How to Improve Your Relationships in the Present by Talking about the Past. Part 3:

Remembering the Past in More Detail

An example of over remembering the past in more detail comes from my own experience. In my thirties I did some major work on myself in therapy. One day, during a session, I recalled a memory from my early childhood. I don’t remember what we had been talking about at the time, I just remember my experience.

The Memory: I was three years old. I remember that because we still lived in the house on the farm. We moved from that house before I turned four. My mother, brother and I were standing in front of the wood stove popping popcorn. We were all crying.

That was all there was to the memory. It was not a new memory. Any time I had thought about it I was puzzled. I could not make sense out of it. Why were we crying? We were making popcorn. Popcorn was a special treat in those days. This was not like making popcorn today. Back then, my mother would scrape the small black kernels off the cob, put them into the frying pan and they would noisily POP into fluffy white yummy pieces of popcorn. It was magical, especially to a three year old. So why were we all crying?

By the end of this session nothing more had come from my recalling this memory. I left the therapist’s office and went about my day. But I could not stop thinking about it. I knew – I just knew – that there was something very important in this memory. For the rest of the day I was in my own little bubble.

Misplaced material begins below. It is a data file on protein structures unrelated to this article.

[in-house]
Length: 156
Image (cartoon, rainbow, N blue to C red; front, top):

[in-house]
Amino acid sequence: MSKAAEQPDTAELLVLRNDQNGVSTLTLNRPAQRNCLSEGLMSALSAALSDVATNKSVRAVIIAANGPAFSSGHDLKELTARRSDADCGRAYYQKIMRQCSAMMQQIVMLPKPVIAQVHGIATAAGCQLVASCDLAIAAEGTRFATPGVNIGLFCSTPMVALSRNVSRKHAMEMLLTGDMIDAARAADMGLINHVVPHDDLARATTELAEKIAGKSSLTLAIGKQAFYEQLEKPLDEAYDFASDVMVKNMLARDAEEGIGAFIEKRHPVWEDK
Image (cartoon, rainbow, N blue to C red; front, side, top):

That evening I made dinner as usual, put the kids to bed as usual and then went to bed at 8:00 pm, earlier than usual. I just wanted to be by myself so I could continue to think about this memory. I lay there in the dark, visualizing the scene over and over. Later my husband came to bed and I pretended to be asleep. I just did not want to be interrupted. I continued to lie there for hours thinking. Finally! At 4:00 am I got the answer.

I had always thought that we were all crying about the same thing. But as the memory became clearer I realized that my brother and I were crying because our mother had just strapped us. I don’t remember what for. (This was the late 40s and spankings were considered part of good parenting. People often quoted the Bible: “Spare the rod and spoil the child.”) My mother was crying because she felt badly about what she had done to us. She was making the popcorn to make up to us for what she’d done.

Then the memory all made sense to me. I always thought when my mother strapped us kids that she wanted to do it. What I got from the memory was that she had ‘lost it’ and she could not help herself. I may have been only three but I was there.

I felt a flood of forgiveness for her. I felt relief. I felt a release. I fell into a sound peaceful sleep.

This changed my relationship with my mother in a positive way. I was different with her and she responded to my change with change of her own.

The change in the present did not stop there. Before I had this revelation I was the type of person who was warm and affectionate with family and friends but not with acquaintances or strangers. I did not like people I did not know well to touch me and I did not touch them. In the next days after I experienced this huge shift I found myself spontaneously reaching out and touching others. Also, I found myself liking it when people were physically warm with me. I didn’t think about it; it just happened. I’m not sure why this change occurred, but I liked it. The change has lasted to this day.

It is not always possible to remember more about a past event but it can sometimes happen when people reminisce about the past. In therapy people often do remember more about a past event, especially if they deliberately focus on the past. It also happens that new memories of other events come to mind that shed more light on the original memory.

With care and concern,

Dr. Bea Mackay

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